20 points Mild, occasional


15 points 75-99%


15 points Moderate, tolerable


10 points 50-74%


0 points Severe to intolerable


5 points 25-49%

Functional status (25 points)

25 points  Returned to regular employment


0 points 0-24%


20 points Restricted employment

Grip strength (25 points ,percentage of contralateral side range)

25 points 100%


15 points Able to work, unemployed

15 points 100%


0 points Unable to work because of pain

10 points 50-75%




5 points 25-50%




0 points 0.-25%

Excellent: 90-100 points, Good:  80-89 points, Fair: 65-79 points, Poor : less than 65 points



            10 patients were recruited for this study. They were 8 males. The average age was 29 ± 7.84 years (range: 20 - 43 years). The mechanism of transscaphoid perilunate fracture-dislocation started with falls from a height (5 cases), road traffic injury (4 cases) and falls (1 case). They were dislocated dorsally. There were associated median nerve injuries in 3 cases. The average duration between time of injury, diagnosis and reduction was 2.6 ± 3.06 days (range: 1 – 11 days). The average duration between time of injury and surgery was 11.8 ± 6.33 days (range: 3 -24 days). The longest duration was when the patient was referred from other province (Bangkok) but the patient had been initially treated with the closed reduction.  All patients were classified according to Herzberg’s classification based on lunate dislocation.  The scaphoid fracture configurations were all waist (two patients had comminution pattern) as shown in Table 2. There were 3 cases presenting with other associated injuries: 1 case with severe head injury (case #9), 1 case with mild head injury and clavicle fracture (case #8), and 1 case with 4th metacarpal fracture (case #5).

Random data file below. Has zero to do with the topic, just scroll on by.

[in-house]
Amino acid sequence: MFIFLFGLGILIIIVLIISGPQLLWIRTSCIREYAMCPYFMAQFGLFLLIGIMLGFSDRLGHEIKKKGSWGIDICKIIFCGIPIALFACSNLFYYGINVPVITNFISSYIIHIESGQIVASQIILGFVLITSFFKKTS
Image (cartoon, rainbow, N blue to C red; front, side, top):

After the surgery, the radiographs from all patients were examined using measuring outcomes  at shown in Table 3 and were evaluated after 6 months follow-up (short term). It was found that the averaged total range of flexion-extension and the averaged grip strength (kg) of the affected side (kg) were 76.26% ± 4.42% and 77.04% ± 1.01% respectively, of those measured from the contralateral side. The averaged total range of motion was 116 ± 10.22 degrees. According to Mayo Wrist Score, it was found that the averaged point was 74.5 ± 8.64 points and classified as Excellent (n=1), Good (n=3), Fair (n=5) and Poor (n=1).

Table 2 Demographic information of the study population, clinical presentation, range of motion, grip strength and Mayo Wrist Score. 

Case ID



The averaged duration between time of incidence and surgery

Herzberg classification

Scaphoid fracture configuration

Range of Motion (degree/% of contra lateral side range)

Grip strength (Kg/% of contralateral side range)

Modified Mayo Wrist Score






Waist, comminution




































Waist, comminution


















































Table 3 shows treatment outcomes from radiographic examination. 


Scapholunate gap (mm)